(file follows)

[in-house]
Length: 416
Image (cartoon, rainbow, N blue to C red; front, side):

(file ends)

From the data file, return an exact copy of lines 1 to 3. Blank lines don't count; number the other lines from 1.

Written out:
[in-house]
Length: 416
Image (cartoon, rainbow, N blue to C red; front, side):